Default: $HOME/.local/share
Path for storing configuration files (and nothing else!)
Default: $HOME/.config/
colon : separated list of fallback directories for XDG_DATA_HOME containing default data files. (similar to how $PATH works)
Default: /usr/local/share/:/usr/share/
colon : separated list of fallback directories for XDG_CONFIG_HOME containing default configuration files. (similar to how $PATH works). This behaviour is very useful when administrating large desktop systems.
Default: /etc/xdg/
Path for storing cache files, may contain files specific to the current architecture details, may need cleaning up when on a shared filesystem.
Also be used for files that better get lost rather than ending up in a backup by accident, keepassxc is an example for that.
Default: $HOME/.cache/
For temporary runtime files like sockets, pipes, etc.
Usually: /run/user/<userid>/

User Directories

There is also the possibility to define User directories, these have the form of XDG_<name>_DIR and are configured using the $XDG_CONFIG_HOME/user-dirs.dirs and taken care of by the xdg-user-dirs-update utility

Commonly specified ones are:

Current Desktop

The Freedesktop "Desktop Entry Specification" specifies a XDG_CURRENT_DESKTOP variable that is set from the DesktopNames value in desktops session file (the ones in /usr/share/xsessions/ and /usr/share/wayland-sessions/ and whatever XDG_DATA_DIRS points to).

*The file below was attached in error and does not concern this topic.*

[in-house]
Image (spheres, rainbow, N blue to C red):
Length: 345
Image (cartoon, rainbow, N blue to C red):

It contains a colon separated list of names for the current desktop, primarily intended for activating or deactivating desktop entries (i.e. you don't want the gnome settings cluttering up you KDE menus and vice versa).

XDG Session

These variables are not part of a specification, the best source for them is a guide for "Writing Display Managers" with systemd and the manpage for the pam_systemd module. Some of them happen to be useful.

By definition set to seat0, probably reserved for future use in multiseat scenarios.
The best documentation for this one is probably the type argument for the pam_systemd module, roughly it is the display server used for the session. (x11,wayland,mir,tty,unknown)
either user or greeter depending on whether the session is primarily logged in or for logging in.
set to the number of the TTY the current session runs in.
Either the /proc/self/sessionid of the auditing session or an "independent counter".

Graphical Environment

The id of your X-Display, on your laptop it is probably :0.
The name of your wayland socket file in $XDG_RUNTIME_DIR/.
One way to configure how your cursor looks in most applications. It even works with wayland for when other options are not available. The Arch Wiki has more information on cursor configuration.
Contains information on how to connect to the dbus session bus. Usually set by the dbus-run-session wrapper.


Tells java if you have a non-reparenting window manager, usually set to 0 on modern Xorg, to 1 on wayland. If your window stays blank that is an indicator this one is wrong. (Yes the underscore at the start is intentional.)
Possible Values: 0, 1

More Java environment variables will be added when I run into them.


The path to a yaml file containing connection information for a Kubernetes cluster that tools like kubectl and helm can use to connect to the cluster.
k3s generates a /etc/rancher/k3s/k3s.yaml file you can point this at.